For the longest time, I felt like I needed to present myself in a certain way in order to be a leader. However, the best leaders lead with vulnerability.
Leaders aren’t perfect. A review of US Presidents, between 1776 and 1974 suggests almost half of them suffered from mental illnesses. Whether or not Abraham Lincoln would’ve met modern criteria for Major Depressive Disorder (MDD), his melancholy was certainly public and well known.
Howard Schultz, current CEO of Starbucks says, “The hardest thing about being a leader is demonstrating or showing vulnerability… When the leader demonstrates vulnerability and sensibility and brings people together, the team wins.”
I think what held me back for so long in my leadership was that I cared so much about approval. I could outwardly present myself and adapt my personality based on my audience. But, this leadership was watered down. Not only that, but I simply wasn’t being true to myself.
I needed the courage to be myself. I’ve found I can strongly lead with vulnerability through our LA Men’s Group. Perfection, after all, is not a relatable quality. Journalist and strategist Jen Leonard says, “Being willing to be strengthened by our human vulnerability is the true foundation for transformational leadership.”
Here are just a few ways I’ve found you can lead with vulnerability.
Own What You Got
Yesterday, I spoke with two friends wanting to pursue girls. I discovered what was ultimately holding them back was their feeling of inadequacy. I told one of them, “own what you got.” The truth is, you’ll never have it all…at least, not all at once. Someone out there will always have better looks, style, money, and charisma. But, you can take confidence in what you have now.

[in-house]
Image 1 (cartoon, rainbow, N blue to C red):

More importantly, you can have confidence is your weakness. One of my friends, Caitlin Crosby (founder of the Giving Keys) also founded LoveYourFlawz. Embrace your imperfections. For me, I love my cheesiness and goofiness. My wife Kristen thinks I have “dad humor,” and that’s just equipping me for my daughter coming in June.
“Transformational leaders take time to slow down, be without an agenda, meditate and let their intuition speak.”
We all get busy. Working, training, running this website, leading a large Los Angeles men’s group, launching a book, being a good husband…this is a full plate. But, lately, I’ve felt like I’m over exerting myself. Brene Brown says, “when we struggle to believe in our worthiness, we hustle for it.”
So, I’m scaling back. Last night, we re-launched one of our men’s small groups. I felt so much peace going to it as an attendee and not as a leader. We have to take time to receive.
At the 2017 Grammy’s, Adele stopped her tribute performance to George Michael. “Can we start again?” she asked. The second time around, she nailed it with tears, and received a standing ovation.
It’s ok to admit when you make a mistake. Mark Zuckerberg recently apologized and admitted he, not Facebook nor its employees, was wrong for blindspots. Hal Gregersen, executive director of the MIT Leadership Center, says, “The best CEOs embrace being wrong.” We make mistakes, we apologize, and we get back up again.
“Out of your vulnerabilities will come your strength.” Sigmund Freud
At its heart, vulnerability is simply exposing yourself to others. When you lead with vulnerability, it might look like “calling an employee or colleague whose child is not well, reaching out to someone who has just had a loss in their family, asking someone for help, taking responsibility for something that went wrong at work, or sitting by the bedside of a colleague or employee with a terminal illness.” Vulnerability gives us a place to connect.